• If you’re 65 or older, consult your doctor about the dangers and advantages of taking this supplement. It is not advised for usage by older adults since it is not as safe or effective as other drugs for the same disease.
  • If you’ve recently had a heart attack or have an overactive thyroid gland, tell your doctor: heart failure, irregular heartbeat, heart block, or other electrical impulse abnormalities in your heart. Most likely, your healthcare professional will advise you not to take this medication.
  • If you are using or have just discontinued taking any of the medications, please tell your doctor.
  • Interactions between drugs can alter how they work or put you at risk for significant side effects. One substance that may interact with this drug is tricyclic antidepressants.
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Like Soma with alcohol and Robaxin with alcohol, While taking Flexeril, you should avoid or limit your alcohol consumption. Use Flexeril only as directed, and avoid tasks that need mental alertness, such as driving until you know how the medicine affects you. Talk to your healthcare professional, if you have any more queries.

What are the Effects of Robaxin with Alcohol?

What are the Effects of Robaxin with Alcohol?

Robaxin or methocarbamol is a muscle relaxant medication that works by blocking nerve impulses or, in simple words, the pain sensations that are sent to your brain. Robaxin is used to treat medical cases that involve skeletal muscle conditions such as pain and injury. Robaxin is prescribed to patients to reduce involuntary muscle spasm and the pain associated with it.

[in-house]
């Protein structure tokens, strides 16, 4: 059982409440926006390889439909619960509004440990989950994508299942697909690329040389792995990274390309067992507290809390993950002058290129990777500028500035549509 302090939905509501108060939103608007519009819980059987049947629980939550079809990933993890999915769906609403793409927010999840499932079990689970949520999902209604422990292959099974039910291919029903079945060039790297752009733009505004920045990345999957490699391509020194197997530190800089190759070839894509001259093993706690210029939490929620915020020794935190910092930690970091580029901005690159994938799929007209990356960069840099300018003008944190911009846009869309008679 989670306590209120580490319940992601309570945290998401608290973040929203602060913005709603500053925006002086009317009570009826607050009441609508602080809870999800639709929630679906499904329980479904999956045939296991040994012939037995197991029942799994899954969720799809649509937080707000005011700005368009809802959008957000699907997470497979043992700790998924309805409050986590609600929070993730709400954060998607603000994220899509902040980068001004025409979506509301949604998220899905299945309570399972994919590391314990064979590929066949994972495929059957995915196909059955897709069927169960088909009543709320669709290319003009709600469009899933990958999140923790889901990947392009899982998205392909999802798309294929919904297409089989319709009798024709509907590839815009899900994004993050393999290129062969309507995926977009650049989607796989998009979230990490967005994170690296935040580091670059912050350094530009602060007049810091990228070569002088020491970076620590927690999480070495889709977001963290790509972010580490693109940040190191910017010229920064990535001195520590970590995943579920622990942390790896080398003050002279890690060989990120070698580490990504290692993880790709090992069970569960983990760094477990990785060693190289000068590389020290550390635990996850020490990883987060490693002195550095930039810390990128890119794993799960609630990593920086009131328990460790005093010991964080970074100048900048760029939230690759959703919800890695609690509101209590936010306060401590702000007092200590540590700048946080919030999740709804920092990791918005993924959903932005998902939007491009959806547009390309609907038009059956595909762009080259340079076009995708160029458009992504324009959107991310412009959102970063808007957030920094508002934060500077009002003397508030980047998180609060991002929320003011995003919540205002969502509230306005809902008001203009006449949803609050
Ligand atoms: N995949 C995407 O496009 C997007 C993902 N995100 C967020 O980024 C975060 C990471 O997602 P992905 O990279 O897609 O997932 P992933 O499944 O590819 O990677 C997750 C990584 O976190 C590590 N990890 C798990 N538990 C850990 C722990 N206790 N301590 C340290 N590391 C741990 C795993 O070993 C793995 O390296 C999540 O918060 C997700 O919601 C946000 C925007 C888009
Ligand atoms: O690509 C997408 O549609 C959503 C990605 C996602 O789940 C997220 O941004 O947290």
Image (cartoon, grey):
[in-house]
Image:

two people conversation on the effects of Robaxin with Alcohol

Ingredients of Robaxin

Robaxin contains one active ingredient, methocarbamol, which is an effective muscle relaxant that reduces muscle spasms.

Along with Methocarbamol, Robaxin contains a few inactive ingredients as well, namely

  • corn-starch
  • magnesium stearate
  • povidone
  • sodium lauryl sulfate
  • sodium starch glycolate
  • stearic acid


The general dosage for adults suffering from muscle spasm is,

For moderate to low symptoms: 1g IV or IM once, then switch to oral administration.

For severe symptoms/ Post-operative conditions: 1g IV or IM every 8 hours.

The maximum dosage for an adult is 3g in a span of 24 hours. A higher dosage is recommended for post-operative conditions in the first 48 to 72 hours; the dosage shall be reduced gradually to 4000 mg once a day.

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Why Shouldn’t you Mix Alcohol and Robaxin?

Robaxin or methocarbamol is a muscle relaxer medication. Consuming alcohol with a muscle relaxant is discouraged by medical experts because both muscle relaxants and alcohol depress your central nervous system. They slow down your brain activity which further slows down your heart rate and your breathing as well. Since both Robaxin and alcohol have a depressing effect on your body, consuming both will create a compound and intensify the side effects it possesses. Meaning the side effects like dizziness and drowsiness will be doubled. (Ferslew, K.E., Hagardorn, A.N. and McCormick, W.F., 1990)

Effects of Alcohol on Intake of Robaxin

Consuming alcohol along with Robaxin and Soma is not advisable. Alcohol can cause severe effects on your body if taken along with Robaxin. As mentioned earlier, Robaxin alone can make you lightheaded, dizzy, and drowsy; if you consume alcohol over Robaxin, it will act as a catalyst and intensify all the side effects Robaxin, as well as alcohol, has on the central nervous system.